It seems challenging to interpret the continued discrepancy between the current level of US interest rates along with the current levels of risky assets. The VIX has dropped, realized volatility is low, credit spreads have tightened in and the equity market is close to its 3+ year highs…yet the 30 year treasury yield seems anchored to about 3%:
There is some validity in stating that the Federal Reserve is keeping interest rates low, but I do not believe that the continued low yields in the 10 year treasury and beyond can merely be attributed to the Fed’s purchasing of treasuries or verbal commitment to low interest rates. The current inflation rate, as measured by CPI, is running at 3% which implies that the yield you earn over a year’s time by owning a 30 year treasury bond is entirely eaten away by inflation.
Now comes the investment aspect of it – why would you be willing to invest at a zero rate of return AND expose yourself to the risk that interest rates increase or inflation is greater than current levels or future expectations? Bonds, even those issued by the treasury, are not riskless. If 30 year interest rates increase by 1%, you can expect to lose 15%+ of your investment on a market value basis.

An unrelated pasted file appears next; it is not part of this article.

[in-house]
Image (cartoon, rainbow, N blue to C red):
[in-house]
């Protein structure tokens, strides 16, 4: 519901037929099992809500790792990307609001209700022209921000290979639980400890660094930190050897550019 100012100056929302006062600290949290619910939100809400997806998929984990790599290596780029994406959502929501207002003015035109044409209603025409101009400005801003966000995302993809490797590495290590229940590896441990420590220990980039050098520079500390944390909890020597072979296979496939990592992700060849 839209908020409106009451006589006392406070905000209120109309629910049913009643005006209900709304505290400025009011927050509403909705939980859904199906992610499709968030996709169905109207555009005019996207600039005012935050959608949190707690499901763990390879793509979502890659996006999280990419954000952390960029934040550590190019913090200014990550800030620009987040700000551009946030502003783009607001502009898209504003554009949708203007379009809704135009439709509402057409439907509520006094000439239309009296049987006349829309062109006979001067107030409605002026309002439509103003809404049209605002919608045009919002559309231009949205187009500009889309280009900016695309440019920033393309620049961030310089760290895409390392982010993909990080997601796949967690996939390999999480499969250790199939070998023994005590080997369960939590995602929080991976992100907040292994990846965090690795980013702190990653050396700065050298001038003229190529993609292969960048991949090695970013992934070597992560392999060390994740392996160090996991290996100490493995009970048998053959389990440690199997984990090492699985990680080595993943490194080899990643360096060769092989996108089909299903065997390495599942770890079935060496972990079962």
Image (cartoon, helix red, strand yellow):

The bottom line is that the buyers of bonds are making a very different call than the buyers of equities. I have a difficult time believing that it is truly an artifact of Fed intervention or even a flow of investment from non-US institutions and governments into the dollar. I maintain that one of the markets is wrong.
As you can see from chart above, the S&P 500 is testing a downward trendline that started in 2007. It will be truly interesting to see if it bounces off of these levels as the euphoria fades. Peak profit margins have probably been reached and it is doubtful that strong growth will be driven by increased top line revenues.